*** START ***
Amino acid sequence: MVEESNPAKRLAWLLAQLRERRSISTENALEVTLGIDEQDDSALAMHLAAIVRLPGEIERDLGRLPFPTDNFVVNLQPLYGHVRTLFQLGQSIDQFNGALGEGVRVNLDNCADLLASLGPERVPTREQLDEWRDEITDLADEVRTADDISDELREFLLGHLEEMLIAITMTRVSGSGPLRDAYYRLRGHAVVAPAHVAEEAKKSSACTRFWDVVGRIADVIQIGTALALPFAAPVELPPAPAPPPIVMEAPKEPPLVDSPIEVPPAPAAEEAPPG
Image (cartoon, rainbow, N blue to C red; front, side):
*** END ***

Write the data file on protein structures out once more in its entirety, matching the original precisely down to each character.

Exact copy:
Amino acid sequence: MVEESNPAKRLAWLLAQLRERRSISTENALEVTLGIDEQDDSALAMHLAAIVRLPGEIERDLGRLPFPTDNFVVNLQPLYGHVRTLFQLGQSIDQFNGALGEGVRVNLDNCADLLASLGPERVPTREQLDEWRDEITDLADEVRTADDISDELREFLLGHLEEMLIAITMTRVSGSGPLRDAYYRLRGHAVVAPAHVAEEAKKSSACTRFWDVVGRIADVIQIGTALALPFAAPVELPPAPAPPPIVMEAPKEPPLVDSPIEVPPAPAAEEAPPG
Image (cartoon, rainbow, N blue to C red; front, side):